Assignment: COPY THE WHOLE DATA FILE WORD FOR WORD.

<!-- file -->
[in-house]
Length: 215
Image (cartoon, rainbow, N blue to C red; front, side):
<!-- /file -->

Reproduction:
[in-house]
Length: 215
Image (cartoon, rainbow, N blue to C red; front, side):